Despite ReEnergy’s plans to close Aroostook County’s last biomass plant this April, economic development leaders in the Ashland area are hopeful that a biomass plant could be a part of the region’s future.
“It’s a devastating blow,” said Don Tardie, chairman of the Ashland Area Economic Development Committee, of ReEnergy’s plans to shut down the 39 megawatt biomass plant.
“It basically upsets the whole integration we had in our working forests for northern Maine,” Tardie said.
Biomass plants generate electricity using wood chips, sawdust and residues from logging operations and mills, providing an outlet and income for major forestry companies. The decision to close the Ashland plant comes after the company’s Fort Fairfield plant shut down in November. ReEnergy also operates Maine biomass plants in Livermore Falls and Stratton.
Tardie said that the closure of the Ashland facility will be “permeating through the whole industrial base of northern Maine,” even affecting farmers who spread the biomass wood ash on fields as an inexpensive alternative for lime.
The ReEnergy plant is located in Ashland’s Machias River Industrial Park, along with Northeast Pellets and Katahdin Forest Products. The Katahdin Forest Products mill may be particularly impacted, as the biomass plant has been a ready buyer of sawdust and bark, Tardie said.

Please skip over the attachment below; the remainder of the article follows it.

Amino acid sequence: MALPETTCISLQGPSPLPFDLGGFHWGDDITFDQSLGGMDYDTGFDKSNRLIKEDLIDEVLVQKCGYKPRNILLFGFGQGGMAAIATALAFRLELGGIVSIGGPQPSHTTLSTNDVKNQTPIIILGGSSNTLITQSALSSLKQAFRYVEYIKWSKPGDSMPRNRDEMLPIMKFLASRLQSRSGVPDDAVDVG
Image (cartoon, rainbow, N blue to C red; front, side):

While the biomass plant has faced major challenges in the decline of renewable energy credits and additional costs to send power to the New England grid, Tardie said that biomass plants should not be written off entirely.
“Northern Maine’s plants have a future if we could convert them to combined heat and power,” Tardie said. “In my personal opinion, standalone biomass plants will not survive unless they’re converted to combined heat and power systems.”
ReEnergy has been in the midst of seeking out new businesses to partner with their existing biomass plants to buy lower-cost electricity as well as heat and steam. Tardie said the Ashland Area Economic Development Committee also is at work on finding co-location partners.
“The economic development committee is working on a project to help find someone to co-locate at the industrial park. The fact that it is shut down is not stopping our initiative,” Tardie said.
“I don’t think the plant is going to be permanently shut down. It might open up under a different mode of operations. It’s certainly an asset we’d like to further explore.”
This story was originally published in the Fiddlehead Focus.